From the Chicago Tribune:
"The bottom line is the investigation conducted by Protess and private investigator Ciolino as well as the subsequent legal representation of Mr. Simon were so flawed that it's clear the constitutional rights of Mr. Simon were not scrupulously protected as our law requires," said Alvarez, who indicated she would have considered obstruction of justice or witness intimidation charges if the statute of limitations hadn't run out.”
After he was released, Simon and his attorneys filed a $40 million federal lawsuit against Ciolino, Protess, and Northwestern, claiming that Simon had been framed. They alleged a pattern of misconduct by Protess at Northwestern.
The possibility that Porter is an example of a wrongful exoneration poses an elemental question about wrongful conviction advocates and the media: Were they working together to pressure prosecutors and politicians to push for the exoneration of Porter?
More and more, it looks as if they were.
In Alstory Simon’s lawsuit against Northwestern, his attorneys cite this media pressure as a factor for the prosecutor in 1998, Dick Devine, to release Porter from prison and convict Simon.
In a 2013 letter to Cook County State’s Attorney Anita Alvarez demanding that she re-investigate the case, Simon’s attorney wrote the following:
Unfortunately, a prior administration of the Cook County State’s Attorney [Dick Devine’s], acquiesced in a coordinated effort between Northwestern representatives and a local media outlet to pressure the CCSA into a hasty and regrettable rush to judgement.
In short, Simon’s attorneys argue, wrongful conviction activists had essentially intimidated prosecutors to do their bidding, a stunning intimidation of the prosecutor’s office.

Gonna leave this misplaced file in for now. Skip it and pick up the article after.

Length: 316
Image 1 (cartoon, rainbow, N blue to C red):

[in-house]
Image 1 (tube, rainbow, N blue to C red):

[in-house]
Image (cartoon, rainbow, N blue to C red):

With the Porter case falling apart under renewed scrutiny, what does it say about Governor Ryan’s decision to pardon Hobley and three other men in 2003?
It suggests this: The wrongful conviction movement had made deep inroads into the media, the prosecutor’s office, then the governor’s.
And it got worse, quickly.
After Hobley got out, federal investigators, seeing that a great travesty might have taken place, began to re-investigate the case. Many federal agents believed that prosecutors would re-indict Hobley. Those charges in 2008 were imminent, they believed.
But the Feds never did. The Feds moved away from indicting Hobley and instead focused on the long-sought indictment of former police commander Jon Burge. Hobley got a $7 million settlement. To indict Burge, federal prosecutors used statements Burge made in a civil lawsuit brought by attorneys for Hobley.
Whatever one’s beliefs are about the magnitude of misconduct by Burge and his men, the Hobley case seemed a bizarre one to use as the means to go after Burge. Hobley, after all, was convicted of a mass murder, exonerated with no new evidence by a governor who himself was about to go to prison on corruption charges.
One Federal agent who worked on the Hobley case was Jim Delorto. Here is what he said about the arson:
“The evidence in the Hobley arson case is so overwhelming and of such specific detail and volume that no jury in any court would not have found him guilty beyond any doubt. In my eight years as supervisor of the ATF federal bomb and arson task force, there has never been a clearer case of guilt. For the federal government not to have pursued this case, in which seven African Americans were burned to death, was unconscionable and unprecedented.”
The case against Burge proceeded. Federal prosecutors indicted Burge. The trial took shape.
Remarkably, the federal prosecutors never called Madison Hobley to the stand. They called Hobley’s sister to testify, but not Hobley himself.
Was this a tacit admission by the prosecutors that Hobley could not withstand cross examination by Burge’s attorneys? Would Burge’s attorneys show what the trial against Hobley and all the legal proceedings concluded: That he was guilty of setting the fire?
Burge was convicted, the Burge narrative drowning out the narrative, based on compelling evidence, that not only had a mass murderer, Madison Hobley, been freed, but had also been given a settlement of $6 million from the city.